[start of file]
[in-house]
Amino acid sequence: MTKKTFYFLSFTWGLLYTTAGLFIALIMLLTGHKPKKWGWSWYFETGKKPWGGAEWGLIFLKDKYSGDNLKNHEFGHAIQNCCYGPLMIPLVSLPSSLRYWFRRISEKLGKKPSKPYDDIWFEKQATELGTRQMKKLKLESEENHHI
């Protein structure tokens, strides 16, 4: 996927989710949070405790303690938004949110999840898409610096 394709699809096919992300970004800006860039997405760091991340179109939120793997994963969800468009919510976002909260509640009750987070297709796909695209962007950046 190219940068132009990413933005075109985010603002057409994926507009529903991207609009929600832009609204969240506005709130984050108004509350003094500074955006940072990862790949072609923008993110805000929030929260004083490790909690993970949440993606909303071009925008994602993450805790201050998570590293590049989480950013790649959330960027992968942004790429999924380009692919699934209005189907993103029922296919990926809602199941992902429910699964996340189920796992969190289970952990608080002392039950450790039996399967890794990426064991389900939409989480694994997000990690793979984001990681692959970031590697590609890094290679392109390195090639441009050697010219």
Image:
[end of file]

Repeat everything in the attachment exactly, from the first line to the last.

[in-house]
Amino acid sequence: MTKKTFYFLSFTWGLLYTTAGLFIALIMLLTGHKPKKWGWSWYFETGKKPWGGAEWGLIFLKDKYSGDNLKNHEFGHAIQNCCYGPLMIPLVSLPSSLRYWFRRISEKLGKKPSKPYDDIWFEKQATELGTRQMKKLKLESEENHHI
């Protein structure tokens, strides 16, 4: 996927989710949070405790303690938004949110999840898409610096 394709699809096919992300970004800006860039997405760091991340179109939120793997994963969800468009919510976002909260509640009750987070297709796909695209962007950046 190219940068132009990413933005075109985010603002057409994926507009529903991207609009929600832009609204969240506005709130984050108004509350003094500074955006940072990862790949072609923008993110805000929030929260004083490790909690993970949440993606909303071009925008994602993450805790201050998570590293590049989480950013790649959330960027992968942004790429999924380009692919699934209005189907993103029922296919990926809602199941992902429910699964996340189920796992969190289970952990608080002392039950450790039996399967890794990426064991389900939409989480694994997000990690793979984001990681692959970031590697590609890094290679392109390195090639441009050697010219």
Image: